Here, we live in cities and suburbs designed for automobile transportation — crippled without ready access to gasoline, oil and electricity. You can’t gas your car or bus if the gas station has no electric power, so there are now long line-ups at the few stations that are able to stay open.
In the 18th century world, you rise when you once again have natural light and it’s safe enough to venture outside. You go to sleep earlier, having dined (if you can) and read by candlelight. Like some earlier ancestor did, I placed tall candles in front of a mirror, to double and reflect their glow.
There is a generator – thankfully very much 21st century – grinding away below my apartment window. It gives our 100-apartment, six-story building enough power to use our elevators, offer heat and illuminate our long hallways. Luckily, our kitchen was one working outlet and we have a gas stove, so we can cook. We also, now, have heat; in former power outages, becoming “normal” here, we fled the freezing temperatures of February for a local hotel. No one repaid us the cost of two nights there.
We paid $80,000 to buy the generator last year, a cost every resident here is sharing.
The storm’s aftermath – scarcity, fear and frustration — naturally, brings out the best and worst in people. There are fist-fights, already, at gas stations because it gas is now a more difficult commodity to obtain and has suddenly jumped again in price as damaged oil refineries shut down. Other people are sharing their homes, food, shelter and kitchens with one another.
A six-outlet power strip is de facto helfpul. (I brought mine to the library.)
One immediately sees the divide between those with electric power – literally, the powerful – and those without. I was able to go to my regular salon and get a manicure this morning and enjoy an important business lunch at a local restaurant, depriving the original spot we’d originally chosen because – right beside the Hudson River –– they’re closed right now.
I’m lucky that my husband, Jose, is a former news photographer who has survived multiple hurricanes for work. He knew what to do. It was he who filled the car with gas (many stations now have no power, creating long lines at the two local ones that have it) and put it into the garage; bought dozens of bottles of water; stocked the fridge and freezer, lined the balcony door with plastic and towels in case it flooded or the glass shattered. (Neither happened.) He’s been in a hotel all week across from his office at The New York Times, working double shifts for colleagues who cannot get to work with most of the subway so badly damaged.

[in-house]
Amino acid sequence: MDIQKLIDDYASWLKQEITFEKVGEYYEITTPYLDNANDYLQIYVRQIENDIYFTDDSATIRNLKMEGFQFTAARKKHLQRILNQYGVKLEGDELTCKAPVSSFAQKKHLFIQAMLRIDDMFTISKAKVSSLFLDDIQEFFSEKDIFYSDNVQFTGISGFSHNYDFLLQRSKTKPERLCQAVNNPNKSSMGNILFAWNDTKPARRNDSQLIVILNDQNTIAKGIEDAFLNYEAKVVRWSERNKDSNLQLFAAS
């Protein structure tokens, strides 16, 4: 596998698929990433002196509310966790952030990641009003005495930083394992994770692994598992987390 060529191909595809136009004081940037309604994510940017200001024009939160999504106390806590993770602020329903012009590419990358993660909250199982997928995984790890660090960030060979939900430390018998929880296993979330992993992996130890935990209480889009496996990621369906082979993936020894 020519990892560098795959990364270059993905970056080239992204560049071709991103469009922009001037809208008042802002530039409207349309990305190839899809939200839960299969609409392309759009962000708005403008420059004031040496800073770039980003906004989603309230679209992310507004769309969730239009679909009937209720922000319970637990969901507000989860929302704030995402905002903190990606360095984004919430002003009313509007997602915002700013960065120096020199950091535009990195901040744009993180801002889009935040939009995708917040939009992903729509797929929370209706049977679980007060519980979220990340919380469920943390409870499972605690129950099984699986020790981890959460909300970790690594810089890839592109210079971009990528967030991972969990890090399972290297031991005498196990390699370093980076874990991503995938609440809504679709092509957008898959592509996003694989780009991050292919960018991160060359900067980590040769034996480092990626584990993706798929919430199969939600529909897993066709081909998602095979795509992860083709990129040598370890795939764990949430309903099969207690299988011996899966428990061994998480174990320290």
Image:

I toured our town yesterday, gasping in dismay at the shattered ancient trees, the smashed wooden and metal fences beneath them. A cabbie tells me the Hudson River rose so high that it has damaged the computers in the police station – which sits a good half-mile from the river’s edge.
I was in Minneapolis, giving a speech to retail students and retailers at the University of Minnesota about my book Malled, when the storm hit New York. I never turned on the radio or television – but read Facebook – where my friends in New York and New Jersey posted photos and updates that told me everything I wanted to know.
The number of dead remains fairly low, now at 38, but some of these are tragic – like the person who stepped into water that held a loose electrical cable.
Jose will be home tomorrow, now that the trains are running north to our suburbs again.
Some people are calling Sandy the “storm of the century.”
I doubt it. We’re only 12 years into this century and, given the tremendous violence of weather patterns here in the past few years – drought, floods, hurricanes, tornadoes, forest fires – I think this is our new normal.
We have no money for it. We have no infrastructure for it. We have no offices or homes or modes of transportation – horses? carts? canoes? – built for it. Doctors no longer make house calls.
Bellevue Hospital Center, New York City’s flagship public hospital and the premier trauma center in Manhattan, shut down Wednesday after fuel pumps for its backup power generators failed, and it worked into the night to evacuate the 300 patients left in its darkened building. There were 725 patients there when Hurricane Sandy hit.
At a news conference Wednesday night, Alan Aviles, the president of the Health and Hospitals Corporation, which runs Bellevue, described third-world conditions, with no hot water, no lab or radiology services and pails of water hauled up the stairs to use for flushing toilets.
After pumping out 17 million gallons of water from the basement, the water is still two and a half feet deep in the cavernous basement where the fuel pumps apparently shorted out and became inoperable — unable to feed the 13th-floor backup generators, Mr. Aviles said.